State Sen. Shirley Huntley desperately tried to cover up the theft of $30,000 in taxpayer money from her “sham” nonprofit as a grand-jury probe bore down on her, sources claimed and documents indicated yesterday.
The Queens Democrat last year handwrote a “false, backdated letter designed to fool investigators” into believing her Parent Workshop charity conducted seminars that never actually occurred, authorities said.
The $29,950 that was supposed to go to the workshops was instead pocketed by Huntley’s niece, Lynn Smith — the charity’s treasurer — and the group’s president, Patricia Savage, authorities said.
The taxpayer funds were delivered to the Nassau County-based charity as “member items,” which the Legislature appropriated at Huntley’s request.
State Attorney General Eric Schneiderman began building the case against Huntley, 74, after The Post exposed her do-nothing nonprofit in 2011.
“We are going to make sure every taxpayer dollar goes to the purpose [for] which it’s intended . . . and the sham nonprofits are put out of business as quickly as possible,” Schneiderman said yesterday.
Smith, Savage and David Gantt — a purported charity consultant who allegedly submitted fake invoices for the workshops never conducted — were charged in December for what authorities call the underlying scam.
Also charged in December with doctoring documents was Roger Scotland, president of the Southern Queens Park Association.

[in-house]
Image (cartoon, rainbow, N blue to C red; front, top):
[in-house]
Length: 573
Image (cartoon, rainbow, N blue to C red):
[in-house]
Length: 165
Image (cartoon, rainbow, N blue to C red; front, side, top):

The indictments led at least one co-defendant to cooperate with investigators, sources said.
Yesterday’s indictment added Huntley, charged with conspiracy, tampering with physical evidence and falsifying business records.
Those falsified records, according to the indictment, included:
* One handwritten letter Huntley wrote to Savage allegedly from a group called the Southern Queens Park Association, which supposedly hosted the charity’s workshops.
* Four documents from Gantt and another “consultant” claiming to have received payments for their work.
* Twelve fake fliers advertising the nonexistent seminars.
* Six false testimonial letters from people who said they attended those sessions.
Huntley could face four to 12 years in prison if convicted on all charges, which would trigger her automatic removal from her $79,500-a-year job.
She joins a number of fellow Albany Democrats who are in hot water.
In the past week, three agencies announced they were investigating Assemblywoman Naomi Rivera for putting her lovers on the public payroll, and a state ethics panel charged Assemblyman Vito Lopez with sexually harassing female aides.
Earlier this year, former state Sen. Pedro Espada Jr. was convicted of looting his Bronx nonprofit, and Brooklyn state Sen. Carl Kruger got seven years in prison for bribery.
Legislative leaders yesterday stripped Huntley of her position as the ranking Democrat on the mental-health committee — she’ll lose her $9,000 stipend.
Huntley, who is being challenged in the Sept. 13 primary by Councilman James Sanders Jr. and Gian Jones, vowed to fight the charges.
“It’s a great day!” she bizarrely bizarrely exclaimed outside Nassau County Criminal Court, as she joined the ranks of several Democrats who have recently been arrested, been convicted, or come under investigation.
This note, scrawled by Huntley, was “a template for the falsified letter from the Southern Queens Park Association,” prosecutors say. The group allegedly hosted tax-funded workshops, organized by Huntley’s charity, that never happened.
The addressee is Pat Savage, the charity’s president, who allegedly delivered it to a third party on Huntley’s behalf.
The dates refer to the period when the charity was supposed to be using the association’s facilities for tax-funded sessions that prosecutors said did not happen.
Source: The NY Post